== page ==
Alma 7

Alma 7 is Alma’s sermon to the people of Gideon, who he hopes (and is vindicated in that hope) don’t quite have the same problems as the people of Zarahemla. This chapter has attracted quite a bit of attention over the last few decades, particularly for the concept taught in Alma 7:11-12:

And he shall go forth, suffering pains and afflictions and temptations of every kind; and this that the word might be fulfilled which saith he will take upon him the pains and the sicknesses of his people.

And he will take upon him death, that he may loose the bands of death which bind his people; and he will take upon him their infirmities, that his bowels may be filled with mercy, according to the flesh, that he may know according to the flesh how to succor his people according to their infirmities.

This is the notion that Christ also took upon himself our pains and sufferings, and not just our sins. I actually sometimes find it amusing and/or frustrating that people will still teach this as some brand new thing, as some shocking revelation, when people have been talking about this concept for a couple of decades (at least) by now, but it’s still important. However, it’s also worth pointing out what this scripture teaches compared to what people think it teaches. I get the impression – from having heard a number of people speak about it – that people believe that this is speaking of some sort of vicarious suffering (particularly in the Garden of Gethsemane). Yet it doesn’t mention the garden at all (indeed, it’s not mentioned often in the Book of Mormon), and verse 11 follows on from verse 10 which is speaking of Christ’s birth (stating that Mary shall “bring forth a son, yea, even the son of God”). That is, the point from which Christ shall “go forth, suffering pains and afflictions and temptations of every kind”, which fulfils the prophetic promise that “he will take upon him the pains and sicknesses of his people”, is his birth. And indeed, if we look at King Benjamin’s lists of Christ’s experiences (“temptations, and pain of body, hunger, thirst, and fatigue…”, Mosiah 3:7), we can see they encompass earlier experiences in his life (the temptations in the wilderness for instance), as well as the sufferings in the Garden (“blood cometh from every pore”) and on the cross (Mosiah 3:9). Christ didn’t just share in our sufferings in some mystical way: he experienced the bad that life has to suffer the same way we did, by actually physically going through them. Likewise he took upon himself mortal infirmities in the same way we do, by actually living with them.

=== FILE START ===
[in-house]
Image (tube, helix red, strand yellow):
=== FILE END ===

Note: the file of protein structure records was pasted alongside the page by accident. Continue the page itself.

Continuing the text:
Why is this important? I think there’s a few reasons (including how we look at his mortal life), but particularly because of something that’s taught in verse 12 and verse 13 (my emphasis):

And he will take upon him death, that he may loose the bands of death which bind his people; and he will take upon him their infirmities, that his bowels may be filled with mercy, according to the flesh, that he may know according to the flesh how to succor his people according to their infirmities.

Now the Spirit knoweth all things; nevertheless the Son of God suffereth according to the flesh that he might take upon him the sins of his people, that he might blot out their transgressions according to the power of his deliverance; and now behold, this is the testimony which is in me.